Museum Marketing and Communication director Nanette Fodell said that programming around the exhibit is still being planned. Director of Exhibitions and Curator Edward J. Phillips from the UUSHMM speaks on June 16 at a reception for sponsors and museum members.

Fodell said that she would like to put together a program on bullying that includes members of Youth First Texas. Glauben, who was arrested and put in a concentration camp at age 10, said that the Holocaust began with bullying.

The film Paragraph 175 will be shown later in the summer.

To schedule a private reception or a group tour of the exhibit, contact Chapman at the museum.

Dallas Holocaust Museum, 211 Record Street at West End Station. Mon.-Fri. 9:30 a.m.-5 p.m. Sat.-Sun. 11 a.m.-5 p.m. Closed July 4. $8. 214-741-7500.

—  John Wright

ANNIVERSARIES: Louise Young and Vivienne Armstrong, George Amerson and Mike Grossman

ARMSTRONG-YOUNG  | Louise Young and Vivienne Armstrong celebrated their 40th anniversary Monday, April 18. The couple met on the campus of the University of Colorado at Boulder in 1971 through the Gay Liberation Front organization there. They had a civil union in Vermont in 2000 and were legally married in California in August 2008.


GROSSMAN-AMERSON  | George Amerson and Mike Grossman marked their 40th anniversary Wednesday, April 20, after celebrating the event with a gathering of family and friends the previous weekend. Grossman is a Minneapolis native who had lived in Dallas a year when he met Amerson, a native of west Texas who had already lived in Dallas several years when they met. The couple say they are most proud of their children, Laura and Devon Cloud and Barney and Stephanie Grossman, and their grandchildren, Miles and Rachel. The two work in residential real estate, Grossman for 50 years and Amerson for more than 35 years.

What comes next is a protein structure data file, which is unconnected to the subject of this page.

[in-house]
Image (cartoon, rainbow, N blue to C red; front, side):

—  John Wright

CROSSPOINTS panel to address opportunities, pitfalls of being out at work

Dennis Coleman

The opportunities and pitfalls of being out at work will be discussed at this week’s CROSSPOINTS panel discussion at 7 p.m. Thursday, July 1 at the Gay and Lesbian Community Center. Equality March Texas is coordinating the six-week series, which will take a break next week for the holiday.

Union organizer Mike Lo Vuolo will moderate this week’s panel discussion.

CROSSPOINTS organizer Latisha McDaniel said five people are tentatively scheduled to be on the panel.